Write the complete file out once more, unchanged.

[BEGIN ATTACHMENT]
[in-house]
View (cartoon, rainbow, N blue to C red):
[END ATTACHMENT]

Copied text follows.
[in-house]
View (cartoon, rainbow, N blue to C red):